The Star Wars area was lots of fun, with a life size AT-AT and live action ‘learn to be a Jedi’ shows that feature Darth Vader and Kylo Ren for the kids to take part in. We even got to meet Chewbacca! Although it was somewhat dated, the Indiana Jones stunt show was pretty impressive and still draws a huge crowd every few hours.

Disney Tickets and Passes

Coming from the UK, you’ll have a few options regarding ticket passes, but you generally have to buy at least a 7 day pass. These are usually upgraded free of charge to a 14 day unlimited pass, offering unlimited access to any Disney area. They also come with a free ‘Memory Maker’ upgrade, which gives you unlimited downloadable digital photos taken at the Disney PhotoPass location). If you’re just visiting for a day. I think you would be better off buying a pass on the gate - but bear in mind that for a family of 4 it'll be around £500 for the day!

It’s worth knowing that the Disney Fast Pass comes as standard with every Disney pass so don't be fooled into thinking it's a 'free extra'.

It’s a different set up to Universal, in that you can select 3 rides and choose a particular time for each. Once you've been on all 3 rides, you can reserve one more at a time. Ask one of the staff on hand at the reservation machines to help as we found it all a bit hot, busy and confusing.

Apps & Wi-Fi

Make sure you download the Disney and Universal apps in advance and familiarise yourself with the layout of each park, so you can plan a rough route and check any height restrictions. The app also lets you see live waiting times for each ride which is really handy.  We found the free Wi-Fi at Universal comprehensive coverage and fast, whilst we found Disney patchy and slower.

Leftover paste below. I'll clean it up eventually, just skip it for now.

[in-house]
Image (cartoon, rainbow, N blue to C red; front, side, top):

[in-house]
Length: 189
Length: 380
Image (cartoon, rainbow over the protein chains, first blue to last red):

My top 5 Orlando theme park tips

1. Arrive early

Benefiting from jet lag, we made it for the park’s 9am opening and literally walked to the front of every ride for a good few hours, plus it was a little cooler. At peak times, l you can wait as long as 90 minutes for popular rides.

2. Bring your own food & drink

The food at Universal was pretty expensive and poor quality. Disney was slightly better, but still the choice is limited. It’s basically hot dogs, burgers or chicken nuggets washed down with fizzy drinks and it’s hard to find healthier options. I recommend visiting the take-away counter of the supermarket and making a picnic and water bottles. There are numerous water fountains all over both parks where you can fill up your water bottles.

3. Be ready to exit through the gift shop

Be aware that every single ride exits through its own dedicated gift shop, which depending on the age of your kids can make life difficult and expensive. Without sounding like a scrooge, we had a word with the kids on the first day and explained that there wouldn’t be gifts purchased after each ride which seemed to stem the nagging.

4. Stick to one park/area per day

In our opinion don’t aim to do more than one area a day, it’s exhausting!

5. Parking

There is ample parking at both resorts for around $20-25 a day. Many hotels offer free and frequent shuttle buses to the park gates which you can also make use of.

Interested in a Florida family holiday?

If you’re interested in family trips to Florida, I can create a tailor-made holiday that includes Orlando and Disney World but also takes your further afield. I can make personal recommendations from my own experience and arrange every aspect of your trip from your flights and accommodation to trip ideas or family campervan. To book your Florida family holiday with a twist, contact Jim.

Jim and family at the Kennedy Space Centre

2 weeks in Florida: my recommended trip for families

Jim Faulkner

Senior Travel Consultant
at Travel Nation